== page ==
Why is this guidance important?

When dealing with consumers you have a number of legal obligations under consumer protection law. While there are similarities between these obligations and the CLSB’s regulatory rules,1For example, principles 1.3, 1.4, 3.4, 4.2, 4.3 and 4.6 of the Code of Conduct. it is essential that you and your firm recognise and understand these distinct consumer law rules.

In some circumstances, compliance with our regulatory rules will mean you are compliant with your consumer law obligations. However, it is important to note that this will not always be the case. Similarly, just because you are compliant with consumer law does not mean you will satisfy your broader regulatory obligations. Consequently, each set of rules needs to be considered and applied to your practice separately.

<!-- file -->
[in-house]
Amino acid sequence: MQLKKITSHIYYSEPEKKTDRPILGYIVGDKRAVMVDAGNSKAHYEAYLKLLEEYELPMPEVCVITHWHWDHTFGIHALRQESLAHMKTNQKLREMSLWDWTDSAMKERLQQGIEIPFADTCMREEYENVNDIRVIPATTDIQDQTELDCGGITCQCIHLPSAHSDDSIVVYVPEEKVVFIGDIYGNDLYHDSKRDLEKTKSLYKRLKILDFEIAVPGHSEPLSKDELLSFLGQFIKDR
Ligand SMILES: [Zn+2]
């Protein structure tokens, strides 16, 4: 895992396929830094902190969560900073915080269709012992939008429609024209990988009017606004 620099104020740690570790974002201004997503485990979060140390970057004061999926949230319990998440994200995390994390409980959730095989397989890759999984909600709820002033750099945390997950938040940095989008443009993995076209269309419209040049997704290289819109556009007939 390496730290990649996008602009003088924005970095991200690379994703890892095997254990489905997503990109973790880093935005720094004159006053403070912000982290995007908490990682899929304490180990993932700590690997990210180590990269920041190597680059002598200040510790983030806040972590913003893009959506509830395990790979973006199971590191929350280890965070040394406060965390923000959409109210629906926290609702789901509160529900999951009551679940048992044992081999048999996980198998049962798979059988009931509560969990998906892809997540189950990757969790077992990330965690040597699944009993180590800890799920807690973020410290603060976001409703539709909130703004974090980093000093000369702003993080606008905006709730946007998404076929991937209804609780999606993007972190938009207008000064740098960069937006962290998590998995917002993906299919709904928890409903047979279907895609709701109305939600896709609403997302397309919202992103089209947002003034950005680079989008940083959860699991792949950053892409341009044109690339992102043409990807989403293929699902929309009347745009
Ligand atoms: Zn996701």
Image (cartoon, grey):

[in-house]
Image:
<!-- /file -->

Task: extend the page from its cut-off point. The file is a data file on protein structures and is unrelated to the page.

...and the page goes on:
Good compliance with consumer law is likely to enhance your professional reputation and reduce potential disputes with clients. Non-compliance, on the other hand, could have a range of potential consequences, including but not limited to:

  • regulatory action by the CLSB2See the disciplinary outcomes page of the CLSB website. or by any other regulator of your firm, such as the Solicitors Regulation Authority (SRA);3See, for example, the SRA’s investigation and enforcement guidance.
  • consumer law enforcement action (for example by Trading Standards or the CMA)4See, for example, the CMA’s consumer enforcement guidance. against your firm;
  • enforcement action by the Advertising Standards Agency (ASA), for example against misleading advertisements that contravene its Advertising Codes;5See the ASA’s Advertising Codes.
  • dissatisfied clients, consumer complaints and cases before the Legal Ombudsman;
  • adverse findings by the Legal Ombudsman;
  • court proceedings by individuals – consumers may be able to sue for breach of contract or seek redress in relation to certain breaches of consumer law.